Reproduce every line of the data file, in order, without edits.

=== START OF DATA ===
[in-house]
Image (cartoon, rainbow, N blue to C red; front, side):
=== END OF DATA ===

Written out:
[in-house]
Image (cartoon, rainbow, N blue to C red; front, side):